As to your argument "as a whole", I find it persuasive. You're charting a middle course, which is always difficult, between those who wish to go whole hog the way of theology of religions, and those who see the truth claims of various traditions as incommensurable. Your category of strange-ness is helpful. If I were to summarize your argument, it might be "The Lutheran tradition of the hidden God, which has resonances in apophaticism, is primarily that of promissory strangeness." Said otherwise, "Lutheran's relation to other religions is eschatologically weird." :)
I think their remains a potential incommensurability in your proposal inasmuch as a deferred unity can be deferred indefinitely. This may be an aporia in your proposal that can only be circumlocuted.
and his response was:
Lutheran emphasis on the stranger, it seems to me, comes from its contention on the hiddeness of God. I think that Luther's two forms of the hidden God (sub contrario and absconditus in maiestate) are better understood through the language of alien and stranger. Indeed, Luther uses "alien" to talk about God's law or wrath (alien and proper activity) and that belongs to the general semantic range denoted by "stranger or strange." I like "wierd," too, but it is more difficult for me to adopt wierd since it is such an interjection from my youth and nearly unsalvagable in our midwestern culture, just like the word interesting. It also has a different geneology than stranger because it belongs more to horror (tales of the wierd--Lovecraft etc) and in contemporary discourse there is a kind of "horror/wierd analysis" that borrows from psychoanalytic theory. I'll try to find the title of a "wierd" analysis of the book of revelation that accuses the book of political conservatism owing to its use of wierd creatures and figures. Wierd theory tries to show how conservative horror genres are. So, these are additional reasons why I prefer stranger/strange to wierd. I do like queer but that of course focuses specifically on sexual and gender difference.
You may be right--if I understand you--that there is a uselessness of eschatology to a pragmatic perspective. The dilemma of the dynamic between strange and proper truths is as follows. I could either articulate a unity that allows the strange to disappear into the proper, or one that maintains an incommesuarbility between them, an unbridgeable gulf, or one that resolves them into a higher unity, or one that maintains a never-ending ping-pong match between the two (a kind of incommesurability of a different sort). I had a paragraph that I deleted that did the following:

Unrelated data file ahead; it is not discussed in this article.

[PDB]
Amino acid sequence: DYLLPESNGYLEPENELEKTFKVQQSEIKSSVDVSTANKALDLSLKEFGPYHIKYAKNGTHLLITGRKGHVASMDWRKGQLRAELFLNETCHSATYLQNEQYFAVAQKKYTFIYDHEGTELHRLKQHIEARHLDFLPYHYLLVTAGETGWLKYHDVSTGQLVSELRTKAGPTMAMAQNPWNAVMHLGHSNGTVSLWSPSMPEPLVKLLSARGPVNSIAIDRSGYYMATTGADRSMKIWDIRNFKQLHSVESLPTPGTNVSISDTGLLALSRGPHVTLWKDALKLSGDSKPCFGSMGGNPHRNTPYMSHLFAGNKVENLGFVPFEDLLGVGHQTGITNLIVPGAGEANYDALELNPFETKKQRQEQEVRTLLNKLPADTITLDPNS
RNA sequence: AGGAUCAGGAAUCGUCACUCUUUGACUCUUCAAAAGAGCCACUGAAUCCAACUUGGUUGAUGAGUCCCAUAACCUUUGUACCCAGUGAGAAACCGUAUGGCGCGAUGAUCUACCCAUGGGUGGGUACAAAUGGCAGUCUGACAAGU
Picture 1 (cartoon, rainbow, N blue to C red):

1. Christians ought to interpret strange claims not as alien but as novel (anonymously Christian claims)
2. Christians can interpret strange claims as alien that have force as proper claims (alien claims as alien)
3. #1 is the prevalant kind of inclusivism of post-liberal to Roman Catholic theology
4. #2 is the road not taken
5. Both are necessary (note difference between ought and can in #1 and #2)
6. Because of the eschatological deferral of any unity between the two, theology of religions and systematic theology are required to speculate as to their unity.
7. I offer a conception of God as infinite to bring together God as alien and God as promised.
8. This speculative conception owes itself to Gregory of Nyssa, Duns Scotus, Nicholas of Cusa, Luther, Hegel, Schleiermacher, Pannenberg, and many others.
I would not easily identify the promised GOd with the strange (like a veiled bride) because that would make faith entirely deferred until the eschaton, confusing faith and hope. Hope is primary, it seems to me but must be distinguished from faith.
I find this dialogue helpful on a number of levels, not least of which is its accessibility as a way of moving forward in interreligious dialogue that maintains a confessional Lutheran position that is at the same time an open rather than a closed system. If indeed that is what Greg intends. If not, it's what I'm projecting onto him. He can comment more if he'd like.